Chemical reaction of Amines Acylation Basicity


Chemical properties of amines, basicity, and acylation of amines are considered for studying about amine compounds. Focusing on the certain compounds found in the organic chemistry, the present tutorial includes the definition of chemical properties of amine. The compound has single pair of electron and nitrogen atom attached with is called amine. This compound is considered the derivatives of ammonia, containing more than one hydrogen atoms. The alkyl or aryl group can replace these particular hydrogen atoms often. Based on these concepts, this tutorial discusses the chemical reactions are observed with amines.

Basicity of Amines

On a general note, the basicity of the amine is determined on the basis of natural bonding strength of amine showcases. The chemical properties of amine share a similarity with the atomic representation of ammonia. This is the main reason for which the amines are able to act like bases as well.

Hence, several factors are identified as the main factors behind the determination of the basicity of amine. The first factor is considered the availability of a lone pair of electrons on the nitrogen atom. Another factor is the substitute groups and the properties of electrons of the others that create a direct impact on the determination of the basicity.

Acylation of Amines: Definition

Figure 1: The acylation of the secondary amine

The acylation is defined as the method at which the acyl bond attached with the main compound. Determining the amines, the substitution reaction is identified as nucleophilic reaction with the acid chlorides, anhydrides, and esters. These reactions generally take place on the basis of the presence of amines having a more substantial base like pyridine. Substantial base is helpful for removal of hydrogen chloride which forms during the reaction.

Classifications of Amines

The classification of amines is generally conducted based on the hydrogen atoms attached to amine group. Focusing on this particular factor, the classification of the amines is represented in the below section.

The main three classifications of the amine include primary amines, secondary amines, and tertiary amines. The amines are considered as primary ones are generally formed when only one aryl or alkyl group is able to replace any one hydrogen atom out of the three hydrogen atoms of organic ammonia based compound. Similarly, when the alkyl or aryl group replaces two out of the three hydrogen atoms, the secondary amine occurs. In some reactions, it has been observed that all of the three atoms of hydrogen are replaced. In such cases, the amine is known as tertiary amine.

Figure 2: Classification of amines

Properties of Amine

In accordance with the organic chemistry, the formation of an amine depends on several types of chemical properties. The main property is contemplated to the bond of hydrogen atoms present in this particular compound which can create a direct influence on the properties of other compounds for further production of the derivatives of amines. Among the other properties, the boiling points of amines are lower than the organic compounds containing phosphorus atom as smaller molecular weight than phosphorous. This structure shares a similarity with the structure of alkanols with the only exception of the presence of hydroxyl group. As the ability to form a hydrogen bonds in presence of the amine groups, these compounds generally have tendencies of high solubility in water. Liquid anime has fishy smell and gaseous anime smells like ammonia.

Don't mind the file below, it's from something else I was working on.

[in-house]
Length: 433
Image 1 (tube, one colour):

Preparation of Amines

Figure 3: Preparation of amines

There are three types of chemical reactions that are witnessed as follows: Benzoylation, Alkylation, and Acylation. In the reaction of Alkylation, 1° of amine forms 2° amine, furthermore 3° amine and at last the quaternary salts. Reactions are conducted with anhydrides, esters, and acid carbonyl chlorides are generally known as acylation. The reaction is started as the replacement of a hydrogen atom is preceded by the acyl group. In Benzoylation, the reaction happens between benzyl chloride and methylamine.


The current tutorial has focused on explaining the proper definition of the amines in order to explain the basicity of amine. In this tutorial, it has been seen that the amines are categorised into three different classes including tertiary, secondary, and primary amines. Based on the chemical structure, the amines have the ability to act like both bases and nucleophiles. The basicity of the amines depends on some factors. Further, the tutorial has concluded the description of the chemical reaction of amines including processes of Alkylation, Acylation, and Benzoylation.


Q1. How does secondary amine convert into nitrosamine?

Ans. The process of converting the secondary amine is by treating the compounds of amine with the nitrous acid in order to turn it into a nitrosamine.

Q2. Which factor is considered responsible for decreasing the basicity of amine?

Ans. In accordance with organic chemistry, the location of the electron pair of the nitrogen atom is considered as the main factor that affects the basicity of the amine. Based on this, the factor that is identified as the reason for decreasing the basicity of amine is the electron-withdrawing group.

Q3. Which amine is more basic?

Ans. According to the structure of the atom of the compounds, the amide ion is identified with the strongest base as this compound consists of two pairs of non-bonding electrons.

Q4. How the basicity of an amine can be predicted?

Ans. The availability of the electron pair is considered for the core measurement, in order to determine the basicity of the amine. The more electrons are identified, the more readily the amines can be devoted to form a new bond of the proton that can be considered as a stronger base.